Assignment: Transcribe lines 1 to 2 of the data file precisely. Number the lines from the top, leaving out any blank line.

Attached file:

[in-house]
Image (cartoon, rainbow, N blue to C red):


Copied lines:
[in-house]
Image (cartoon, rainbow, N blue to C red):